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Educating Tycho
Tycho's Star
Castle of the Heavens
The Tychonic System
Tycho & Kepler
Notes & References
About the Author
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Tycho Brahe, A King amongst Astrologers, by David Plant



Tycho Brahe (1546-1601) occupies an exalted position in the pantheon of science as the founder of modern observational methods in astronomy. Astrologers as well as astronomers have good reason to be grateful to him. It was Tycho and his protégé Johannes Kepler who prepared the way for the pinpoint accuracy of the ephemerides and calculation programs that we take for granted today. And, to quote Arthur Koestler, Tycho really was 'a refreshing exception amongst the sombre, tortured, neurotic geniuses of science'. [1] He was an imperious, hard-drinking aristocrat whose devotion to precise observation was motivated by his devotion to astrology. He was also an alchemist and lived for twenty years on a fantastic 'sorcerer's island' near Hamlet's castle of Elsinore, ending his days as Imperial Mathematicus at the court of the Holy Roman Emperor. In the history of astrology and astronomy, Tycho stands out as one of the most bizarre and colourful of all Urania's children.


Educating Tycho


Tycho was born into a noble Danish family at their ancestral seat of Knudstrup on 24th December 1546. [2] His father, Otto Brahe, was a privy councillor to the King of Denmark; his uncle, Jörgen Brahe, was an admiral in the Danish navy. Before Tycho's birth, his father had made a strange pact with Jörgen. Being childless, Jörgen had somehow persuaded Otto to promise that if he had a son, the child would be handed over to Jörgen and brought up as his own. Obligingly, Otto's wife, Beate, gave birth to twin sons, but one of them was still-born and Otto went back on his promise. Jörgen waited until another child was born to Otto and Beate a year or so later, then coolly abducted their firstborn, Tycho. After making some murderous threats against Jörgen, Otto finally accepted the fait accompli, knowing that Tycho would be brought up as a nobleman and would eventually inherit Jörgen's fortune.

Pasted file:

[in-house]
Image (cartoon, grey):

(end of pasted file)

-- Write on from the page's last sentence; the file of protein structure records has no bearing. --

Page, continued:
At his uncle's estate at Tostrup, Tycho received an education appropriate to his social station and in 1559 he went to Copenhagen University to study philosophy and rhetoric in preparation for a career as a statesman. In 1560, however, the heavens directly intervened in Tycho's life and altered its course irrevocably.

The solar eclipse of 31st August 1560 at 7° Virgo 51' was total in the extreme west of Europe. At Copenhagen it was partial but still attracted Tycho's attention. Astrology was an everyday topic of conversation amongst his fellow students and Tycho's interest was aroused. When he saw the eclipse take place at the predicted time, it struck him as miraculous that the motions of the planets could be forecast so accurately. He immediately acquired an ephemeris and the complete works of Ptolemy and set about learning how it was done.

Jörgen Brahe disapproved of Tycho's new passion. He regarded stargazing as a vulgar pursuit far beneath the dignity of a Danish nobleman. Determined that Tycho should continue the family tradition of service to the state, Jörgen packed him off to study law at Leipzig University under the supervision of a tutor, Anders Vedel, who had strict instructions to ensure that Tycho attended to his proper studies. But by then it was too late. Showing little interest in law or statecraft, Tycho continued to study astronomy in secret, making observations when Vedel was asleep and somehow contriving to spend most of his allowance on books and instruments. Vedel eventually gave way to Tycho's persistence and turned a blind eye to his extra-curricular activities, after which they became good friends.